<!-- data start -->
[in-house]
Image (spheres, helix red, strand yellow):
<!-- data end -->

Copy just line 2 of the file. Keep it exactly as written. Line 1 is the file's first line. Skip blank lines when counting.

Image (spheres, helix red, strand yellow):